Esri Conference Technical Session Videos

Each year at the ESRI International Conference, the in-depth technical sessions are recorded and made available afterwards. You can download them directly from the Geomatics website using your UBC computer (or by using VPN from off-campus).

Technical Videos

GIS Courses

For a listing of GIS and GIS-related courses offered at UBC as well as other colleges and universities, please visit UBC's Geomatics website course page.

Data/GIS Library Handouts

Below are a list of helpful library handouts:

1. Getting Started with Searching Abacus for Geospatial Data

2. Getting Started with the BC Economic Atlas

3. Getting Started with GeoSearch

4. Getting Started Mapping Census Data Using CHASS (Mapping Census Metropolitan Area (CMA) at the Census Tract (CT) level of subdivision)

5. Getting Started Mapping Census Data Using CHASS (Mapping Census Subdivisions (CSD) at the Dissemination Area (DA) level of subdivision).

Note: Normally CSDs = cities

GIS Data

  • The library's GIS Data web page has information about finding, using, and citing geospatial data.
  • To find commonly-requested free datasets online, visit UBC's Geomatics website and its Data Sources portals:
British Columbia Data
Canada Data
USA Data
International Data
  • GIS Data held by the UBC Library can be found in Abacus.

GIS Software

Koerner Library, Room 217

Room 217 provides access to PC workstations with a wide range of software, including productivity, GIS, and statistical software. The room is accessible on a first-come, first-served basis any time that Koerner Library is open and there isn't a class being held in the room.

Please note that when you log out of the lab's computers, all files stored on the computer will be deleted. Please store all files on an external storage device.

Location: Second Floor of Koerner Library, near the map cabinets.

Hours To check room availability, please check the calendar posted on the wall outside the room, or see the online calendar of events.

Data/GIS Lab

ArcGIS Suite and statistical software (including SPSS, R, and Stata) are available in the Data/GIS Lab in Koerner Library, Room 218A (second floor). The lab is available Monday through Friday from 10:00am to 5:00pm on a first-come-first-served basis for those needing access to GIS and statistical software. Inquire at the Research Commons desk to be let in to the lab. Keys are no longer available for the room, and applications are no longer required.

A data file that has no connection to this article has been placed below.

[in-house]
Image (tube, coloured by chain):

Please note: During certain hours, the lab is used for Research Commons consulting. During these times, there will be fewer computers available, and there will be conversations in the room. For Research Commons hours, please see the Consultations tab on the Research Commons homepage.

ArcGIS Student Edition

Esri ArcGIS Student Edition software (1-year licence) is available to UBC students, faculty and staff through the Faculty of Forestry for $25. The software includes Spatial, Geostatistical, Network, and 3D Analyst extensions. A Registration Code can be purchased from the Faculty of Forestry receptionist in room 2045, Forest Sciences Centre with $25.00 and presentation of your UBC card.

For a complete list of Esri software and licences available at UBC, please visit UBC's Geomatics website.

Open Source GIS Software

There are free, open source GIS software packages downloadable from the web. Several can be installed on Mac OS (whereas the Esri ArcGIS Suite cannot). The most common of these is QGIS. A full list of open source GIS software and tools can be found at

For more information on QGIS, including download instructions and users guide, visit
A QGIS training manual can be found at


UBC Geomatics Website

A wide range of information pertaining to UBC campus GIS can be found on the Geomatics website, including software, courses and data.

UBC GIS Users Group

UBC students, faculty and staff gather once a month to discuss various uses of GIS on campus. Meetings are usually held September through April (except December) on the last Wednesday of the month at 3:00 PM in Koerner Library Room 216 (second floor - one level down from the entrance).

For information on the next presentation, visit the Geomatics website UBC GIS Users Group page.

UBC GIS Listserv

The UBC campus-wide GIS Listserv provides information on meetings, new data and other relevant GIS news. It is also a forum for GIS users on campus to share ideas and ask questions. To join, contact Jerry Maedel at 'jerry dot maedel at ubc dot ca' and provide him with your email address.

Get Help

The UBC Library provides access to GIS resources, including data, hardware, software and tutorials.

We can assist you with:

  • locating and acquiring geospatial data
  • incorporating data into research projects, including format conversion
  • learning GIS software and analysis techniques

We also provide technical support for Data/GIS Lab users.

Contact Us:

Paul Lesack, Data/GIS Analyst
Koerner Library 218C
Kelly Schultz, Data & GIS Librarian
Koerner Library 219G